Download the history of the death penalty in colorado timberline books in pdf or read the history of the death penalty in colorado timberline books in pdf online books in PDF, EPUB and Mobi Format. Click Download or Read Online button to get the history of the death penalty in colorado timberline books in pdf book now. This site is like a library, Use search box in the widget to get ebook that you want.



The History Of The Death Penalty In Colorado

Author: Michael Radelet
Publisher: University Press of Colorado
ISBN: 1607325128
Size: 58.49 MB
Format: PDF, ePub, Mobi
View: 2106
Download and Read
In The History of the Death Penalty in Colorado, noted death penalty scholar Michael Radelet chronicles the details of each capital punishment trial and execution that has taken place in Colorado since 1859. The book describes the debates and struggles that Coloradans have had over the use of the death penalty, placing the cases of the 103 men whose sentences were carried out and 100 more who were never executed into the context of a gradual worldwide trend away from this form of punishment. For more than 150 years, Coloradans have been deeply divided about the death penalty, with regular questions about whether it should be expanded, restricted, or eliminated. It has twice been abolished, but both times state lawmakers reinstated the contentious punitive measure. Prison administrators have contributed to this debate, with some refusing to participate in executions and some lending their voices to abolition efforts. Colorado has also had a rich history of experimenting with execution methods, first hanging prisoners in public and then, starting in 1890, using the "twitch-up gallows" for four decades. In 1933, Colorado began using a gas chamber and eventually moved to lethal injection in the 1990s. Based on meticulous archival research in official state archives, library records, and multimedia sources, The History of the Death Penalty in Colorado, will inform the conversation on both sides of the issue anywhere the future of the death penalty is under debate.

The Wrong Carlos

Author: James S. Liebman
Publisher: Columbia University Press
ISBN: 0231167237
Size: 60.41 MB
Format: PDF, Kindle
View: 7720
Download and Read
In 1989, Texas executed Carlos DeLuna, a poor Hispanic man with childlike intelligence, for the murder of Wanda Lopez, a convenience store clerk. His execution passed unnoticed for years until a team of Columbia Law School faculty and students almost accidentally chose to investigate his case and found that DeLuna almost certainly was innocent. They discovered that no one had cared enough about either the defendant or the victim to make sure the real perpetrator was found. Everything that could go wrong in a criminal case did. This book documents DeLunaÕs conviction, which was based on a single, nighttime, cross-ethnic eyewitness identification with no corroborating forensic evidence. At his trial, DeLunaÕs defense, that another man named Carlos had committed the crime, was not taken seriously. The lead prosecutor told the jury that the other Carlos, Carlos Hernandez, was a ÒphantomÓ of DeLunaÕs imagination. In upholding the death penalty on appeal, both the state and federal courts concluded the same thing: Carlos Hernandez did not exist. The evidence the Columbia team uncovered reveals that Hernandez not only existed but was well known to the police and prosecutors. He had a long history of violent crimes similar to the one for which DeLuna was executed. Families of both Carloses mistook photos of each for the other, and HernandezÕs violence continued after DeLuna was put to death. This book and its website (thewrongcarlos.net) reproduce law-enforcement, crime lab, lawyer, court, social service, media, and witness records, as well as court transcripts, photographs, radio traffic, and audio and videotaped interviews, documenting one of the most comprehensive investigations into a criminal case in U.S. history. The result is eye-opening yet may not be unusual. Faulty eyewitness testimony, shoddy legal representation, and prosecutorial misfeasance continue to put innocent people at risk of execution. The principal investigators conclude with novel suggestions for improving accuracy among the police, prosecutors, forensic scientists, and judges.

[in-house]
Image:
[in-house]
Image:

Old Sparky

Author: Anthony Galvin
Publisher: Skyhorse Publishing, Inc.
ISBN: 151071135X
Size: 62.83 MB
Format: PDF, Mobi
View: 1091
Download and Read